Tuesday, October 31, 2006
His Excellency Archbishop Louis-Joseph
Arthur Melanson (1879-1941)
Second Bishop of the Gravelbourg
Diocese from 1933 to 1937.
His Excellency Archbishop Louis-Joseph-Arthur Melanson was born in Trois-Rivières on March 25, 1879. Soon after, his family moved to New Richmond in Cascapedia Bay, New Brunswick. He studied theology in the seminairies of Rimouski and Montréal.
Arthur Melanson joined the Chatham Diocese in New Brunswick where he was ordained into priesthood by Bishop Barry on July 9, 1905. He was assigned to the Campbellton Parish as assistant priest where he dedicated his first years of ministry to the pioneers living in the forest near Colebrook and Glenlivet. Pastor of Balmoral in 1907, he was also entrusted with the care of the lumber camps. His efforts initiated a movement of colonization which succeeded in the founding of two new parishes.
In 1909, he was confided to the Campbellton Parish. In 1925, Father Melanson founded the teaching order of the Daughters of Mary of the Assumption. In 1930, he became Vicar General of the Chatham Diocese and was made Protonotary Apostolic by the Holy See. He was elected second Bishop of the Gravelbourg Diocese on November 25, 1932, and was consecrated in Chatham by the Apostolic Delegate, the Most Reverend Andrea Cassulo, on February 22, 1933.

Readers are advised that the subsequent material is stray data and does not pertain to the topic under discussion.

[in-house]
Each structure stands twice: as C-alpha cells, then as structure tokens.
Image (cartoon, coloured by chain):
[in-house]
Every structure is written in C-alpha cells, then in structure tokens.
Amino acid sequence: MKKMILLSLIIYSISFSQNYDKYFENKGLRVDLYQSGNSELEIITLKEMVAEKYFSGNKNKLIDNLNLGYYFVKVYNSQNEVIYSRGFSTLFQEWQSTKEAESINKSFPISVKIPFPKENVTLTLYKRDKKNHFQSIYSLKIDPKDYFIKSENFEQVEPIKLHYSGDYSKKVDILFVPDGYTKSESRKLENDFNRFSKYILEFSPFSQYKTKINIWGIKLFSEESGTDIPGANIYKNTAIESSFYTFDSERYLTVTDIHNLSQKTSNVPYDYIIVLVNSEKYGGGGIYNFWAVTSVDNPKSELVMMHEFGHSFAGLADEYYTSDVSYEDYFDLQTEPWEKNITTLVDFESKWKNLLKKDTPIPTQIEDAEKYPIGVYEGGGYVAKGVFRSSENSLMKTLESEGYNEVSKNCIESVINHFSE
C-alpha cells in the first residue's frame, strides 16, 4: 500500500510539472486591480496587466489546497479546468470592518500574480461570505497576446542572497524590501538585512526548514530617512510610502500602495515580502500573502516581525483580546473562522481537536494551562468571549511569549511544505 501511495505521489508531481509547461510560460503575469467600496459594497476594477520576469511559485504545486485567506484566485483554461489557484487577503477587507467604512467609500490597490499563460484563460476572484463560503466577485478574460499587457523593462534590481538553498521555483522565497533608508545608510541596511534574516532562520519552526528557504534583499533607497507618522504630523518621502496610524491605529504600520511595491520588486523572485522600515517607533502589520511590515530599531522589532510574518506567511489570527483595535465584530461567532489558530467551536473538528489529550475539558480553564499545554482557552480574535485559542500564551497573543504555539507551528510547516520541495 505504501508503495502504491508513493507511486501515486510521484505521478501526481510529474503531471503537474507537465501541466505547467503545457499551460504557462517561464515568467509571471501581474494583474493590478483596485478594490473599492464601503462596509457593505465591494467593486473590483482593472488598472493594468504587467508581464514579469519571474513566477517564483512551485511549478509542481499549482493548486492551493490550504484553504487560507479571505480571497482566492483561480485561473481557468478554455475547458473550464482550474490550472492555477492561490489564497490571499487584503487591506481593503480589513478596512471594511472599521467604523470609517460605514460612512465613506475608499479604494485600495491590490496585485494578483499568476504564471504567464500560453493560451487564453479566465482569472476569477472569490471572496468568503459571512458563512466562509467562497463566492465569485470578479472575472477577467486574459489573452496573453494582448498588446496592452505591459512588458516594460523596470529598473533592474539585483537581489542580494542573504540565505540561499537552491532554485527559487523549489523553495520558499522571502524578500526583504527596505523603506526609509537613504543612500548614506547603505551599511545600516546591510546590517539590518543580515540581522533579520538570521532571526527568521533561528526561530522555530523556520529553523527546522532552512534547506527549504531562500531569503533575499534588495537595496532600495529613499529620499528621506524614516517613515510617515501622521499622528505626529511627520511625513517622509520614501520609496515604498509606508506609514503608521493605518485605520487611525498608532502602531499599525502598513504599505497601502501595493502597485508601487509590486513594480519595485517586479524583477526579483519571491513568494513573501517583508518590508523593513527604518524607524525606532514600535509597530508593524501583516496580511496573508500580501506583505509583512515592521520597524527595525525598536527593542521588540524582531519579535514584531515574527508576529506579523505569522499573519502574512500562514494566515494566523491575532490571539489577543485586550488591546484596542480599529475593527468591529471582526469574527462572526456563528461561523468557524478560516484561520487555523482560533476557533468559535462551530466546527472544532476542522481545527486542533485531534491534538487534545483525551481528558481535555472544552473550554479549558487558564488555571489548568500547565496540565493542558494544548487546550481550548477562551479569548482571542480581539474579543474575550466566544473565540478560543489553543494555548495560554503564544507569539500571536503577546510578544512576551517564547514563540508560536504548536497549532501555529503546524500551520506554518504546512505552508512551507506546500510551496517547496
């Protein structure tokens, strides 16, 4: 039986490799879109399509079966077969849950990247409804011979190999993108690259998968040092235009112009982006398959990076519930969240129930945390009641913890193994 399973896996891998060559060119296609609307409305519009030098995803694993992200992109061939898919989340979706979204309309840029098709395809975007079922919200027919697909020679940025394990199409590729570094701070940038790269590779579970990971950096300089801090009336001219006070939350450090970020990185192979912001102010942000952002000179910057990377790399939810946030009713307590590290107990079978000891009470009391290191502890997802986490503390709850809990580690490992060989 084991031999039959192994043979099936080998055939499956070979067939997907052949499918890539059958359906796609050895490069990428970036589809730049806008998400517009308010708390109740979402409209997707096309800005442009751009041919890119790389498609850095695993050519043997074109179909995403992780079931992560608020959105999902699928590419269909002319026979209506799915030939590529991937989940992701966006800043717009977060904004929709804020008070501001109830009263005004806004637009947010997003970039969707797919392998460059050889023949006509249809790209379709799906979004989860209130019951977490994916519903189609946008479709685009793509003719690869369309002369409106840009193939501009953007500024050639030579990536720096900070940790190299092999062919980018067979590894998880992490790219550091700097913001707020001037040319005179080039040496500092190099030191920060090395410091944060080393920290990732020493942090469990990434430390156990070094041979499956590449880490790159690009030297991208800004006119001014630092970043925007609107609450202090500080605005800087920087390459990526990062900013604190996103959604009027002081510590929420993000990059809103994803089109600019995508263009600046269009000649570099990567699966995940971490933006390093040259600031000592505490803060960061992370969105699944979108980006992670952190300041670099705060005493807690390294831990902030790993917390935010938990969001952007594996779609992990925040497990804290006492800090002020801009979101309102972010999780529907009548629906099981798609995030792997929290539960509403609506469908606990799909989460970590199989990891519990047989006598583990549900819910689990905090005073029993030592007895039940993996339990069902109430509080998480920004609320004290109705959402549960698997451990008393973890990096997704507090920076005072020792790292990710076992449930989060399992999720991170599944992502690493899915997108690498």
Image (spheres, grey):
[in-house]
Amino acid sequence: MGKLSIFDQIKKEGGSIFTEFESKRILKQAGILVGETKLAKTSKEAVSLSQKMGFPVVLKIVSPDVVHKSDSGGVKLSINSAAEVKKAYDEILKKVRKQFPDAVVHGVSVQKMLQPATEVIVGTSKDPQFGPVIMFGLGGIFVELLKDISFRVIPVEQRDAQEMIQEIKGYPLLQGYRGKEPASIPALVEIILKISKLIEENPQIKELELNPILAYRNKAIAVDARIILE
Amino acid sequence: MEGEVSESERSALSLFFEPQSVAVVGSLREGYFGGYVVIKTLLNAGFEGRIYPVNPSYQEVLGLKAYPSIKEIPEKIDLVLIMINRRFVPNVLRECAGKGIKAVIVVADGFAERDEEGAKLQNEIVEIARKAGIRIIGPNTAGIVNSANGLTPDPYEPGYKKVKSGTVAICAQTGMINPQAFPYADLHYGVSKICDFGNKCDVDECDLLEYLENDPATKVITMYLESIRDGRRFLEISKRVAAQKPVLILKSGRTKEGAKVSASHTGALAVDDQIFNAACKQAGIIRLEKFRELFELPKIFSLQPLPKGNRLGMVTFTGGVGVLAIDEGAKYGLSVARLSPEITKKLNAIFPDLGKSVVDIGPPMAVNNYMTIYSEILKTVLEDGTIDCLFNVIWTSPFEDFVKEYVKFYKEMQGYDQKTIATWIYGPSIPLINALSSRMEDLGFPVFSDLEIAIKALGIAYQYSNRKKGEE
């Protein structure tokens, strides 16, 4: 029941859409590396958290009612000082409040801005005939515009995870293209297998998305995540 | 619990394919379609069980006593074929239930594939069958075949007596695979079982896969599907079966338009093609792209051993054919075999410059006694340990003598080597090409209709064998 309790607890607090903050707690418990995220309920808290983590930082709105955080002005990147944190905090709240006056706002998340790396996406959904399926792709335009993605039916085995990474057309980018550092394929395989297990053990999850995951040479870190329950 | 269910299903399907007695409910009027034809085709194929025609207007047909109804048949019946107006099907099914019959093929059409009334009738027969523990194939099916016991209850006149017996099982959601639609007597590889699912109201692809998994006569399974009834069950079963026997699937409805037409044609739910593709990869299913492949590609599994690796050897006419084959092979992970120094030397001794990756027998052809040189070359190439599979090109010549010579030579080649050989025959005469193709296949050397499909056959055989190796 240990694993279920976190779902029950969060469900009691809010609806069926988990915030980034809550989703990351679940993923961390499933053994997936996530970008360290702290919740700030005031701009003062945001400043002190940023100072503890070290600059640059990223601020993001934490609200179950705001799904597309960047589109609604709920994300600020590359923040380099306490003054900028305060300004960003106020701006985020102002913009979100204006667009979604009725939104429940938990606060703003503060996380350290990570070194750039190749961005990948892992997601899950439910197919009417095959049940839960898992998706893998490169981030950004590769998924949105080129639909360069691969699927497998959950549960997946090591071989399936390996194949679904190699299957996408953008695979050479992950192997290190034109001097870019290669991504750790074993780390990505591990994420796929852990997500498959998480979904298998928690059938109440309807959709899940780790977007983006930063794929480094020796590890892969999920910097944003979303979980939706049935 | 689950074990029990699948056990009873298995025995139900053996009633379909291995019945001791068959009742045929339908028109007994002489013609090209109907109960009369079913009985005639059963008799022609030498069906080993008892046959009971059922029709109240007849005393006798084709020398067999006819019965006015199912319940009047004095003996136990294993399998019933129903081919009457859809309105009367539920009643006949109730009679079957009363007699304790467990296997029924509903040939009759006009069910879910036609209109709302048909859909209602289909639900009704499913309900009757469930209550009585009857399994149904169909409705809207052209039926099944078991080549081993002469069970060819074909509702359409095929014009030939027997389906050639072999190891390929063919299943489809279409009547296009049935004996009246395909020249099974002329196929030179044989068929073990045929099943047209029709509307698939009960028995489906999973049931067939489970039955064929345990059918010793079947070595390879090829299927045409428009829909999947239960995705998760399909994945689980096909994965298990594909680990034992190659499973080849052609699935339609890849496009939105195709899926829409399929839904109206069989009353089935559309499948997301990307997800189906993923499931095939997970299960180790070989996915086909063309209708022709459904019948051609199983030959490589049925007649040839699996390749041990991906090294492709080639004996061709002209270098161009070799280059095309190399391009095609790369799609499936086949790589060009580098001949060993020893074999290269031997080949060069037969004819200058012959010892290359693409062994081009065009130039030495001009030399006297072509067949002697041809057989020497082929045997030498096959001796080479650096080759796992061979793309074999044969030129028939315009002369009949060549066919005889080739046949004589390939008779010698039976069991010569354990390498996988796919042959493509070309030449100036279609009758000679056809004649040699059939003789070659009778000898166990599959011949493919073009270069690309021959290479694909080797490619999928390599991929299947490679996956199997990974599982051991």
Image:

Bishop Melanson was a firm supporter of all forms of Catholic action : youth movements, religious or lay vocations, Collège Mathieu, study groups and the Catholic Press. He was committed to the task of ensuring the survival and development of the young Church of the prairies assigned to him by the Sovereign Pontiff. His first pastoral letter, "Catholic Action; The Apostolate of the Laity in the Diocese", was published at the beginning of Lent during his first year in Gravelbourg.
Bishop Melanson founded an annual pilgrimage in honour of Mary and chose Our Lady of Auvergne Sanctuary in Ponteix. Gravelbourg's first diocesan congress on Catholic Action was held in 1935. Soon after, Bishop Melanson started a diocesan newspaper, "La Voix Catholique". The Most Reverend Arthur Melanson was promoted to Archbishop of Moncton on December 16, 1936, and was consecrated on February 22 of the following year. Archbishop Arthur Melanson died on October 23, 1941, in Moncton.
Monday, October 30, 2006